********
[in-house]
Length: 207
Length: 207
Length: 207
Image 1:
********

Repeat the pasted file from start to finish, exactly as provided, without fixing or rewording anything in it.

[in-house]
Length: 207
Length: 207
Length: 207
Image 1: